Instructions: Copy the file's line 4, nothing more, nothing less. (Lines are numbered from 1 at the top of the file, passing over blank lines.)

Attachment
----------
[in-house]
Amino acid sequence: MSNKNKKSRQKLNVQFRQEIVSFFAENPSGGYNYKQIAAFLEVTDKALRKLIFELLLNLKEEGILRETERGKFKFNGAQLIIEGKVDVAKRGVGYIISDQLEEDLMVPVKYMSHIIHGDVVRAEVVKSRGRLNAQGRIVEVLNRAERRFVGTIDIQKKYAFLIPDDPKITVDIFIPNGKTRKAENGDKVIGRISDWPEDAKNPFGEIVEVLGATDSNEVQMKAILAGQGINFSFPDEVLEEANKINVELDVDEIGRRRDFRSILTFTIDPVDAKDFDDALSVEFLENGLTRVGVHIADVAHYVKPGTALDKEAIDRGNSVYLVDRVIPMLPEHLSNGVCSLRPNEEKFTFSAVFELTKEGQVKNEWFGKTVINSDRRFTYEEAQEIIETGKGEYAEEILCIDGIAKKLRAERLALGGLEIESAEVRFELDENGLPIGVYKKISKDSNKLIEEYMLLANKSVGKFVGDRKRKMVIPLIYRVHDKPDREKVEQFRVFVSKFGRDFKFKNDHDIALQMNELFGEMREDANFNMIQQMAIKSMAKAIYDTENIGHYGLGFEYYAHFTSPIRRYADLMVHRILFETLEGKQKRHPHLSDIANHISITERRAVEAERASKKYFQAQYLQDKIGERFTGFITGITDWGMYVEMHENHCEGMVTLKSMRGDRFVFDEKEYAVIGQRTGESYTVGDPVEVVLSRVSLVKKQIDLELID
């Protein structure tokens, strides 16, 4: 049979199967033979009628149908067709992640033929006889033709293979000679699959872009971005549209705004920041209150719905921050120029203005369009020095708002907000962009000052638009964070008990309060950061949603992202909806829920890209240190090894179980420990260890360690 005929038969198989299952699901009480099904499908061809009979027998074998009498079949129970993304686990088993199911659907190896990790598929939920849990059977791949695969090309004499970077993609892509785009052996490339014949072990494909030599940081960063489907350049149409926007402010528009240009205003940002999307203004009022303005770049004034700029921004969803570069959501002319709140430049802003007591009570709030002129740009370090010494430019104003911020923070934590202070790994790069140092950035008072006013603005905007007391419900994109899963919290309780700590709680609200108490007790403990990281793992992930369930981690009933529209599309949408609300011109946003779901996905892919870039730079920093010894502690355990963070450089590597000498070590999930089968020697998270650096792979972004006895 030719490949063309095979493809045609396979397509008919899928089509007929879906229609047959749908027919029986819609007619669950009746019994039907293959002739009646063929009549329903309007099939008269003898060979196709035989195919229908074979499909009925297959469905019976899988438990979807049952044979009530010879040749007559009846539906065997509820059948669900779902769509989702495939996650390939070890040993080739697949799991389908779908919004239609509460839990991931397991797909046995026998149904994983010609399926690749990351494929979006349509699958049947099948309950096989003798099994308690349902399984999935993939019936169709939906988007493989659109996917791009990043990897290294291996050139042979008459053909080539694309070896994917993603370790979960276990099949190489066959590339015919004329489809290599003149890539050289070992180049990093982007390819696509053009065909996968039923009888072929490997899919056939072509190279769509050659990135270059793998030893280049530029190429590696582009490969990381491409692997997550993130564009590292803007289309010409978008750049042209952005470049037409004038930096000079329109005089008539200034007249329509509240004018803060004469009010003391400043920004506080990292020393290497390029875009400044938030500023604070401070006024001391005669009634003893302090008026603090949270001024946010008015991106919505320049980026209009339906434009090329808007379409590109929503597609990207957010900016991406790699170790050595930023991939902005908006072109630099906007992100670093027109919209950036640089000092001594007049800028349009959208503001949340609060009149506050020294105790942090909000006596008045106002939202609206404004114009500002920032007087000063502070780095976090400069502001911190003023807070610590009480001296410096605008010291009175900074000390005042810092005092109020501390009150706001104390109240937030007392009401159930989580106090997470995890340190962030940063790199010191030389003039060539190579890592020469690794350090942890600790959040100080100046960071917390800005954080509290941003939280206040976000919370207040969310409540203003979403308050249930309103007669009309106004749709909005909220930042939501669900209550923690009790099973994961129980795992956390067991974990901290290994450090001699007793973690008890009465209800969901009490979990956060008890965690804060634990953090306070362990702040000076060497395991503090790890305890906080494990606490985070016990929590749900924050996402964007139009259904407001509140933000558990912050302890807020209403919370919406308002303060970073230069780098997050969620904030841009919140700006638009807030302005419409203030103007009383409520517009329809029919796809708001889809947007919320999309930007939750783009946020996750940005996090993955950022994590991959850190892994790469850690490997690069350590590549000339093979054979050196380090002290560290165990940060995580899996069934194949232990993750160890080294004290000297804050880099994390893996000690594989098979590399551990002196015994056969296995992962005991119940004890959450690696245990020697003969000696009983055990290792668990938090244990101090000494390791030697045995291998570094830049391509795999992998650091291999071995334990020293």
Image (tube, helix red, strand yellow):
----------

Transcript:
Image (tube, helix red, strand yellow):